Sunday, January 26, 2014

Willie's Time by Charles Einstein

The most exciting, most talented baseball player that I ever saw was Willie Mays.  My family's transition from living in New York to moving to the San Francisco Bay area('64) was during the peak years of Willie Mays, and although I went nuts for the NY Mets when they finally won a pennant and a World Series ('69), Willie Mays was and has always been my favorite baseball player.

One always tried to imitate Willie- one would run the bases with abandon, one would attack the pitched ball with a lightning speed swing, and one would always get rid of the ball to make a play as fast as possible. His range in Center field was awesome.  One believed that there was not a ball he could not get to!  "He played all fields" from Center.  My father would call him 'poetry in motion'.

Charles Einstein wrote a wonderful tribute by documenting his storied career along with the contemporary events that occurred during Willie Mays' time.

The height of his career coincided with the Civil Rights movement and some criticized him because his public persona did not translate into the civil rights activism of a Jackie Robinson or a Curt Flood. Willie Mays, however, was essentially an entertainer on the baseball field   Mr. Einstein, nevertheless, demonstrates that Willie Mays was a leader of men on and off the field during this tumultuous time of America history.  When Alvin Dark showed his traditional Southern upbringing that naturally caused tension on the Giants, Willie Mays stepped up and stopped the dissension.  When a race riot almost occurred when Juan Marichal clubbed Johnny Roseboro over the head, Willie Mays cradled Roseboro, embracing him with friendship and got him out of harm's way.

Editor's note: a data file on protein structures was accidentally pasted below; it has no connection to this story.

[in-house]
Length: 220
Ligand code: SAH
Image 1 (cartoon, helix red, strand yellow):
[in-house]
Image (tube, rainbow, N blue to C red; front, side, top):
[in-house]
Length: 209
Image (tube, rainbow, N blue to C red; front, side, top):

He was a Baseball genius - doing things that even his manager Clyde King did not understand like shrinking a double into a single so that the pitcher would be forced to pitch to the next batter, Willie McCovery (and not walk him). He could hoodwink a pitcher by claiming that he could not see a pitch so that he could expect it next time.  He would deliberately strike out during a no consequence inning so that he could expect the same pitch later with men on base and deliver the necessary RBI's.

Ted Williams was correct when he said, "Baseball was created for Willie Mays!"  This volume is a great tribute to a great ballplayer; a very worthwhile read of contemporary history.

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